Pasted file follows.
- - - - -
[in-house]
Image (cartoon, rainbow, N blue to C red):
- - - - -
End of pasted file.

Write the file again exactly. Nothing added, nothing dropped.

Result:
[in-house]
Image (cartoon, rainbow, N blue to C red):